...that you are worthy of your partner's affection. You can provide affection for your partner. They're capable of providing it to you and you trust them to do that. Isn't one that just be rutiful if that's how all of our relationships worked all of the time? HMM, ideal world. But moving on, the resistant or preoccupied attachment style that we kind of talked about there can manifest as being afraid to be alone, putting your partner on a pedestal. Again. This is the negative outlook of self and positive outlook of others. So you feel very anxious, kind of like they're doing you a favor. You're constantly thinking and fearing that they're going to leave you because you don't have that positive outlook of yourself and you only have that positive outlook of others. You feel like that person is the better half of your relationship consistently. So instead of being that reciprocal back and forth, I'm able to provide for you, you can provide for me kind of relationship. It this specific attachment style more results in you constantly giving everything you can and relying on your partner's positive feedback and just putting them on a puzzle pedestal, always feeling that they're going to leave. Just very anxious, resistant, very preoccupied attachment. So the next one is the avoidant, dismissive kind of attachment styles. So this is kind of comes in if you're like the strong, independent lady or man who don't need a partner and feel like you can't depend on anyone but yourself. That's gonna slide under this avoiding attachment style. That's going to be a positive view of yourself and your abilities and a very negative outlook of others and their ability... provide for you or their consistency to provide for you. This is kind of one that would come if we're looking at the early parent relationship. This kind of would come with very inconsistent parenting where you didn't feel like you had a caregiver or some all or you're a parent that you could rely on to always provide for you. That's that's kind of going to result in this. You can be a strong, independent person and still be in a secure relationship and have a secure attach in style, but if you're putting your independence and strength and never believing a different person could ever possibly be there for you in the way that you need, that's going to be where the avoidance and dismissive style comes in. So the final one was the disorganized story. disoriented. Disoriented can't. You're going to be constantly afraid of being hurt, but you also just want to like hold your close intoment relationships really tight. You never really feel stable. You don't you have a lot of troubles trusting you and others. This is where it comes in, with that negative outlook of self, a negative outlook of others. So you didn't have that reinforcement that you had the abilities to care for yourself and you didn't have that reinforcement that other people had the ability to care for you. So when both of those are missing, that's when you're going to get that disorient disorganized, disoriented, unstable relationships. So again worth noting these feelings aren't always just coming from in insecurity like this is an you may not be feeling stable in your relationship and you may not be trusting of the person because they might be a shitty person.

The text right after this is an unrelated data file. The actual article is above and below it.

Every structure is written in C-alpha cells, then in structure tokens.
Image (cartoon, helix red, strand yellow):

So keep that in mind. Not all problems are in your head. Remember all the gas lighting and all that kind of stuff. But this kind of stuff comes in if you are with a partner who genuinely can be relied on. They're consistent, secure, they're not constantly shitting on you or putting you down all the time. They are actually a very stable person and like healthy for you. They're not putting you down or belittling you or gaslighting you or all that stuff. If they are actually being a solid human being and you still feel like, oh my God, they're going to leave me or Oh my God, I don't need them, I need to hold them out arms length, that's when you might want to take a little time to just look inward kind of assess for these feelings might be coming from. If you had a solid person growing up or if you didn't, if you had some inconsistency, or even your past relationships before this person where they very inconsistent, or were they stable people that just that kind of didn't work out? All that kind of stuff you just need to really review and kind of DIG Debon. So again, the attacherent styles can change, as you were, on your view of self and others. You can like consciously work towards a more secure attachment. You might still have some remnants of whatever your insecure attachment style is, but once you know that it's there and you know how to address it and you know what you need to work on, you can definitely build up a more secure attachment style. But that does sound like a lot of work to do personally when you don't know where to start. You don't know what kind of a source this is coming from. You kind of just aren't feeling a little bit all over the place. You don't know how to fix this.